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Why Our Teeth Are Unlikely To Be Naturally Straight

By Dr RHONA ESKANDER | UPDATED: 10:42, 30 October 2019

The number of adults in the UK choosing to straighten their teeth is growing year on year. A survey conducted amongst members of the British Orthodontic Society in 2019 corroborates this; with 75% of members reporting an increase in private adult orthodontic treatments compared with 2016 (and three quarters of these treat with clear aligners).

The trend appears to be global with clear aligner manufacturer, Align Technology (makers of Invisalign) reporting that in July 2019 over 7.2 million adults worldwide were either in, or have completed treatment.

But why is it that our teeth don’t grow straight naturally or are there things we are doing which cause them to move out of alignment?

dr rhona eskander

Dr Rhona Eskander from the Chelsea Dental Clinic explains: “There are so many factors that can affect how our teeth grow that it’s really actually relatively unusual to see patients with naturally perfectly straight teeth. To a greater or lesser extent, we all have some misalignment, but the degrees of misalignment varies from person to person.”

What are the factors that can create or exacerbate crooked, gappy, overlapping or twisted teeth?

1.     The size of your mouth – specifically your jaw

You may have heard your dentist referring to overcrowding (where your teeth overlap). In many cases overcrowding is caused by the size of your jaw, which may be too small to accommodate all your teeth.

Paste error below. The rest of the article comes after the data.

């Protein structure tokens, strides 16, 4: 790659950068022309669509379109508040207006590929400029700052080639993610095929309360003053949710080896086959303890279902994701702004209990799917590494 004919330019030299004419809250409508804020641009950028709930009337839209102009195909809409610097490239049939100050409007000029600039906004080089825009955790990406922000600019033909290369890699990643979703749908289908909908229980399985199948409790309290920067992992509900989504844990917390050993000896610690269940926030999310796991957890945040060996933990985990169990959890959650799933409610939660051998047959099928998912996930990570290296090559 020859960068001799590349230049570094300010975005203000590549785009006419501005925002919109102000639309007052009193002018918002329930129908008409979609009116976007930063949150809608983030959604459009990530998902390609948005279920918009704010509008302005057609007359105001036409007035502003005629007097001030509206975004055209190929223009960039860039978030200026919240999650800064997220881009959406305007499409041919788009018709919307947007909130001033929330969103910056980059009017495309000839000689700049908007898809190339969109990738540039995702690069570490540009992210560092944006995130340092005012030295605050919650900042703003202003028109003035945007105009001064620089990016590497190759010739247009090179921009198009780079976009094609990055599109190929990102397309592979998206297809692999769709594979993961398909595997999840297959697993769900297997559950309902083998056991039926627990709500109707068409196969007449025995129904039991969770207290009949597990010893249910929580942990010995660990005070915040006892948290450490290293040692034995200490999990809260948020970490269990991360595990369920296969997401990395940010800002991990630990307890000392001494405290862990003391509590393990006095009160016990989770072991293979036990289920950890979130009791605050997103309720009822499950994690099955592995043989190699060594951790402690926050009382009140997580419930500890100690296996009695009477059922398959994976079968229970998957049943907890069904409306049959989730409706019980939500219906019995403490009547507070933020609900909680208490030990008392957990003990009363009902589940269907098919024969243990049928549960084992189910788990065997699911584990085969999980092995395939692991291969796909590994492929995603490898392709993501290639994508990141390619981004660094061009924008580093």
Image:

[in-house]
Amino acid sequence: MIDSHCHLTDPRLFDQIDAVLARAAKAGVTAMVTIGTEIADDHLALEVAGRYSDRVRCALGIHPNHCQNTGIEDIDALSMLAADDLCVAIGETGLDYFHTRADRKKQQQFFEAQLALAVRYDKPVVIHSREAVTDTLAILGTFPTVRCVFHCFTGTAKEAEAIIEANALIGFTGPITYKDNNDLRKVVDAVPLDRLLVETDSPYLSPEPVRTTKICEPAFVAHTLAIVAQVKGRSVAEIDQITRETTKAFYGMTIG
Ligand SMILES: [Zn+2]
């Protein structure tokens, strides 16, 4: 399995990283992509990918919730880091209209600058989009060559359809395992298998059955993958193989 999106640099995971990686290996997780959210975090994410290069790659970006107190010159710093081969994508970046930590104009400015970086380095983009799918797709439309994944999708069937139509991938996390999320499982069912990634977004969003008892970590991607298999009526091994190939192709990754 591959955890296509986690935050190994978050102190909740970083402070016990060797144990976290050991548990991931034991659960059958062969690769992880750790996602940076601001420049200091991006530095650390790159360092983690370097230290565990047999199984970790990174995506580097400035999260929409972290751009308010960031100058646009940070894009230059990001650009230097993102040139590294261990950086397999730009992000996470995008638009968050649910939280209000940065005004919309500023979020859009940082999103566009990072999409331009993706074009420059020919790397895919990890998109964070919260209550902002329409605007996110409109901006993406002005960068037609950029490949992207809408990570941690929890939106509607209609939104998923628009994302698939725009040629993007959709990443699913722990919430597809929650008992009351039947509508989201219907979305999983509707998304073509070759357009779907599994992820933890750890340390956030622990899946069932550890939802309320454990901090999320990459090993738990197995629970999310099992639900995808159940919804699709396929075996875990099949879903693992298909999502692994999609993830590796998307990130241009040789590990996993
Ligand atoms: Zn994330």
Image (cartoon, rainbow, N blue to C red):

There is a school of thought that suggests that our modern diet has seen us eat a greater proportion of softer foods which require less chewing, which in turn has resulted in our collective jaw sizes becoming smaller.

2.     Natural tooth movement with age – mesial drift

Your teeth will naturally move and shift in your mouth throughout your lifetime, while teeth themselves are of course made of a hard material, they are attached via periodontal ligaments to your jawbone. While a periodontal ligament is durable, it can also be flexible, and as it’s a soft tissue it makes it prone to mobility. 

3.     Tooth decay and gum disease

Natural tooth movements, as I mentioned previously, occur throughout our lifetimes, but the degree of movement can be significantly affected by our overall dental health.

Tooth decay affects the enamel, the hard surface that covers our teeth. Enamel loss, whether it is caused by acid attacking your teeth (eg sugars) or from over brushing, can change the shape of your tooth, which in turn can cause your teeth to move out of alignment.

Gum disease can have a significant impact on your teeth positioning; loosening the soft tissues that support your tooth structure, can lead to teeth moving within the jaw.

4.     Missing Teeth

A full set of teeth in the mouth, with no significant gaps, reduces the amount of sideways movement that individual teeth can make. Missing teeth offer a space for teeth to move into, and can lead to teeth shifting alignment and becoming crooked in appearance.

This can be an advantage when treating overcrowding of course, as your dental professional will be able to utilise this space to gently give teeth the room they need.

5.     Facial Injury

A significant force or hit to the mouth area can lead to teeth moving out of place.

6.     Bad habits

I see quite a few patients whose teeth alignment has been affected significantly because of habits that they had never considered would have had an impact on the straightness of their teeth, including: